The 1990s were a wacky and wild time, thanks in part the rise of the internet and the widespread adoption of personal computers. Anyone who was around in the mid-90s will remember just how big of a release Windows 95 was, with people lining up at stores to buy a copy of the OS and Microsoft launching a multi-million dollar advertising campaign that included recruiting Jennifer Aniston and Matthew Perry to make a ridiculous instructional video. Windows 95 was a big deal at the time, and it seems silly to think of people having that kind of reaction to a new operating system these days.
Even though we probably won’t see an OS launch with the same kind of fervor behind it anytime soon, we can now take a walk down memory lane thanks to a Slack developer by the name of Felix Rieseberg. He’s turned Windows 95 into an Electron app, which means that it’s capable of running not only on modern Windows PCs, but macOS and Linux as well.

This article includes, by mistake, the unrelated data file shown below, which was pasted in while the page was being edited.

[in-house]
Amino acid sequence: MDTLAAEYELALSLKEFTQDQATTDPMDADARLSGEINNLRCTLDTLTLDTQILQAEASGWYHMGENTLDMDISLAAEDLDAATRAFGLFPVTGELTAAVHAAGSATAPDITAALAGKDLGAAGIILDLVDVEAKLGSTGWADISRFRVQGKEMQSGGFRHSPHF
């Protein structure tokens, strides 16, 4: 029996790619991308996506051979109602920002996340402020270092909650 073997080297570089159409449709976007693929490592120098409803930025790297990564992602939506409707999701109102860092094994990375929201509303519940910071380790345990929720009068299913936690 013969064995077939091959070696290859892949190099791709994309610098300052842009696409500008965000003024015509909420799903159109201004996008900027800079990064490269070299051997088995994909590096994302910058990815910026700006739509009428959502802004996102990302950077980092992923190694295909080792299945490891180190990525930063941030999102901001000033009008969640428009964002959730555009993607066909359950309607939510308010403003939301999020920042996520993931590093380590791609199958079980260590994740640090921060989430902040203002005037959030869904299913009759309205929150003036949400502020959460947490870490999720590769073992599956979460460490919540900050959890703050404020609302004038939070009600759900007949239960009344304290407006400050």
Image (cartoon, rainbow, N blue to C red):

Rieseberg has posted the source code and installers to a library on GitHub, where he tells us that this is indeed the full version of Windows 95 and that it runs “quite well.” While this probably doesn’t have any practical use here in 2018, exploring Windows 95 is certainly a good way to spend an afternoon.
After all, you can do all sorts of novel things with this app, from playing games of Minesweeper and Solitaire to messing around in MS Paint. Sadly, not all aspects of Windows 95 are fully-functioning, as Internet Explorer unsurprisingly doesn’t work.
Though that may be a shame, this should still give you a fun little dose of nostalgia to start your weekend, and for everyone born after Windows 95 had already fallen out of favor, it offers a functioning glimpse at an operating system that made some pretty big strides for its time. You can check it out for yourself by visiting Rieseberg’s project on GitHub.